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Composite functions are a common struggle topic for students, but fear not – with the right guidance, you can navigate them successfully in VCE Maths Methods. This blog post serves as your compass, providing clarity on what composite functions are and how to approach them effectively.

**Understanding Composite Functions: The Basics**

Composite functions involve combining two functions to create a new one. Let's break it down: if you have two functions, f(x) and g(x), their composite, written as (f∘g)(x) or f(g(x)), means applying g first and then f. It's like a chain reaction where the output of one function (g(x)) becomes the input for the other (f(x)).

The condition that must be fulfilled for a composite function to exist is:

*“The range of the inside function must be a subset of the domain of the outside function”*

This condition exists because the inside function (e.g. g(x) for f(g(x))) outputs y-values (the range) which become the x-values (the domain) of the outside function (f(x)). Another way to think about it is that for (f∘g)(x), it essentially means applying function g to x first, then taking that result and applying function f.

Example
As shown in the example, f(g(x)) did not need any adjusting of ranges/domains since the range of the inside function was a subset of the domain of the outside function (in this case, it was exactly the same). For g(f(x)) however, the range of the inside function, f(x), included zero, whereas the domain of the outside function, g(x), did not. This can not work for a composite function because the output of f(x) including zero, can not go as an input into g(x). Therefore you restrict the domain of f(x), so that it’s range does not include zero. In case, the new domain would be R\{0}, therefore making the new range (0,∞). |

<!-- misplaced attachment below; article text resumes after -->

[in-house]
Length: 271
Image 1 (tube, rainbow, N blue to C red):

**Domains and Ranges of the Composite Functions**

A very common question in Maths Methods is to first find the composite function and then to state its domain and range. Simply put, the domain of the composite function is the domain of the inside function, because this is where you are putting your x-value into first. The range of the composite function is then based on this range that is outputted and then put into your outside function (generally drawing a quick sketch or mapping out a couple of values can give you a general idea to get the range). This question however becomes much more complicated and error-prone when you have had to restrict the domain of the original inside function (like shown in the example above). The main thing to keep in mind is that you are putting your x-values into the inside function. These y-values are inputted into your outside function which give you new y-values! This can all be a bit confusing but hopefully the diagram below can help!

**How to Approach Composite Function Questions**

There is a general method outlined below, however it is important that you remain vigilant and aware of what is being asked in the question.